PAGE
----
Commentary

Tectonic shift


 

Every community practice gastroenterologist knows that private equity is making an aggressive push into our specialty. This is a tectonic shift in GI practice and the implications for private practice, academic training programs, and our GI societies are substantial. Gastro Health (Florida), Atlanta Gastro (Georgia), and GI Alliance (Texas) all closed deals with private equity in 2018 and there are reported to be 16-20 deals completed or in process currently. The three “first movers” formed practice management companies that now have acquired numerous large and small practices around the country. We have one practice with more than 200 physicians and we will see single groups of 500-1000 in the near future.

Dr. John I. Allen

Imagine what a digestive health multi-state practice of 500 physicians (gastroenterologists, pathologists, surgeons), 200 advance practice providers (APPs) plus other ancillary professionals (psychology, nutrition) could accomplish. Gross revenues could top $1 billion. All back-office operations would be consolidated and managed professionally. Each provider would work top of license so much routine care would be shifted away from MDs. Negotiating power with payers, vendors, hospital systems, and referring providers would be immense (care would be taken to avoid the appearance of a monopoly, but Department of Justice scrutiny has already been evident). Referral sources (CVS, Optum, health systems, and a few remaining independent practices) would be secured by contract or favored reimbursement rates. Academic health systems will find competition challenging save for high tertiary and quaternary care, but even these complex procedures often will have been consolidated (and contained within risk-bundles) to a half dozen health systems by direct-to-employer contracting. Current society offerings such as meetings, journals, and clinical guidelines will become obsolete because of practice-distributed virtual education, open publishing, and internal outcomes measurement. The vast provider network will be on a single data platform so it can generate true outcomes based on a payer’s patient base (not guideline-restricted process measures), and these outcomes will be used for negotiating restricted networks.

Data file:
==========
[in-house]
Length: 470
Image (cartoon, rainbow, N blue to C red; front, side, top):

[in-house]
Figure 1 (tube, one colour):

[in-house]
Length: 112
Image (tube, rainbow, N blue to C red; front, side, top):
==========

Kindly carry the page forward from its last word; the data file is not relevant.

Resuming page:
I hope these trends will be a clarion call for our societies and training programs to awaken to a new world order and adapt their efforts to meet demands from our patients and the critical (and changing) needs of current and future digestive health professionals.

John I. Allen, MD, MBA, AGAF
Editor in Chief

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